Pandemic highlights need for community mental health and addictions care: CMHA Ontario pre-budget submission
Canadian Mental Health Association (CMHA), Ontario Division is calling out chronic underfunding and pandemic-related strain on the community-based mental health and addictions sector in its 2022 pre-budget submission to provincial government.
The pandemic has further highlighted the need to prioritize mental health and addictions funding for the community sector, which has demonstrated nimbleness and creativity while responding to unprecedented challenges. In its pre-budget submission, CMHA Ontario says this sector needs an infusion of funding to address historical inequities and give mental health appropriate parity with other health care sectors.
Noting that mental health and addictions services will be required more than ever post-pandemic, CMHA Ontario makes funding requests in four specific areas:
- Provide greater financial footing for CMHA branches across Ontario with an immediate base budget increase of 8 per cent ($24 million), a commitment to sustainable and ongoing funding, and repealing Bill 124. These measures can help to offset the historical underfunding of the community mental health and addictions sector and bolster providers who are facing greater demands for service brought on by the pandemic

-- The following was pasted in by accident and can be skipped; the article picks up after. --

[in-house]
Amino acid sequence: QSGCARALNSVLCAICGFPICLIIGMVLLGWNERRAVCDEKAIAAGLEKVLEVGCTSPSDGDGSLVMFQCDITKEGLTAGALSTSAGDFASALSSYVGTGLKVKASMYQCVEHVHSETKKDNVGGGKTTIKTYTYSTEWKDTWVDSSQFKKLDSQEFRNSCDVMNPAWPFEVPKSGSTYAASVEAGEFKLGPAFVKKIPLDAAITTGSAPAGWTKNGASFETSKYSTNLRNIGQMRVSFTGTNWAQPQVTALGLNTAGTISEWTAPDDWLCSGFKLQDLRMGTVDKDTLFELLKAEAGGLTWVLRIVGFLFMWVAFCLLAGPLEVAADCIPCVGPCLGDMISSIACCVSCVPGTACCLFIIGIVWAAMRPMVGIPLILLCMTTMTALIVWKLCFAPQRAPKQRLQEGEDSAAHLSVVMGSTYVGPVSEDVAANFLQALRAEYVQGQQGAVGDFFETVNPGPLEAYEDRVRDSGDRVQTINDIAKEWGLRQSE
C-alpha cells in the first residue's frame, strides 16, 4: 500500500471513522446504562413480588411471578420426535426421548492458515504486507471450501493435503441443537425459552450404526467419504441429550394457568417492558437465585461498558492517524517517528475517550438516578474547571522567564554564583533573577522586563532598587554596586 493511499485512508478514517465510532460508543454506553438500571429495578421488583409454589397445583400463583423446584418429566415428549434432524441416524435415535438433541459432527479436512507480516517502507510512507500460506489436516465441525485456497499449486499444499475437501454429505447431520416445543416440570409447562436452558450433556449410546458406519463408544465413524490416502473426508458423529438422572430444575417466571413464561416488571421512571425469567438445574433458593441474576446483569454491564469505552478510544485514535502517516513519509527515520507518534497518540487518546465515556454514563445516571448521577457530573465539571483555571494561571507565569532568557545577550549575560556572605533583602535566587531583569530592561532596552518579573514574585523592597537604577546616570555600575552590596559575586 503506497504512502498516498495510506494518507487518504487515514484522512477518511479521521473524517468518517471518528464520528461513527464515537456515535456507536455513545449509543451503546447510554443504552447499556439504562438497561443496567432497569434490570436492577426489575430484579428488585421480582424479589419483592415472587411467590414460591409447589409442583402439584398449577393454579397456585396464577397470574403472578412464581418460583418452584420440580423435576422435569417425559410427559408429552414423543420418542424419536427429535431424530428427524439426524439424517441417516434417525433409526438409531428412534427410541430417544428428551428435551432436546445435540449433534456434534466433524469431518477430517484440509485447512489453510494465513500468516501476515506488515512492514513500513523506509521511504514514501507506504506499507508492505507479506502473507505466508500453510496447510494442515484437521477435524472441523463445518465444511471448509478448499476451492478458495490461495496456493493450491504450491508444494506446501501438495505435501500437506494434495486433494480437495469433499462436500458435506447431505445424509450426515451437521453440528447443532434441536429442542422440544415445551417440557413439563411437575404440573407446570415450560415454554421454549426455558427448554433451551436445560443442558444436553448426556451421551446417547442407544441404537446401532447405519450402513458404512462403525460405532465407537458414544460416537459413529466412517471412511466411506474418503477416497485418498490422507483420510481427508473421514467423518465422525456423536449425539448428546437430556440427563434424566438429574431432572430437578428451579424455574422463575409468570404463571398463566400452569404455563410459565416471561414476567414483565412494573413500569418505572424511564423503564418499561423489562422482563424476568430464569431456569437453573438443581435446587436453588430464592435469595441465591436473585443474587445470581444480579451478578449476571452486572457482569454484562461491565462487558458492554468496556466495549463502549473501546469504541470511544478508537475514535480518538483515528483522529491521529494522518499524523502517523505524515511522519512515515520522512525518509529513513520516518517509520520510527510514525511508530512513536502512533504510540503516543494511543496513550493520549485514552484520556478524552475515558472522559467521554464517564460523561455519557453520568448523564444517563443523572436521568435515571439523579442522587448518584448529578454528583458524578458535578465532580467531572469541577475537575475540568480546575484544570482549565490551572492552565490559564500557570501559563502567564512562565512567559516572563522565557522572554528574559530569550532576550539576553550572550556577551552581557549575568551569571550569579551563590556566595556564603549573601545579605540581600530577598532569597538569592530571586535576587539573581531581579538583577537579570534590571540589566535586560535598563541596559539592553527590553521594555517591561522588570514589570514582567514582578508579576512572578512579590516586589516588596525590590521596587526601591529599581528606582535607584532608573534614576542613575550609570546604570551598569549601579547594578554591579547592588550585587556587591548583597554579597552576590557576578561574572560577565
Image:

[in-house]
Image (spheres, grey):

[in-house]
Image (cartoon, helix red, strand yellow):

- Invest in the development of 3,000 supportive housing units, at an approximate cost of $242 million per year. Additionally, invest another $45 million per year for associated support services to help individuals with mental health or addictions issues live meaningful lives in their communities.
- Increase investments and provide an integrated response to the urgent and escalating drug poisoning crisis in Ontario.
- Invest $10 million for mobile crisis services and $7 million for safe bed programs to support mobile crisis teams. Investment can help to ensure mobile crisis response teams, both police- and non-police models, are available in every community.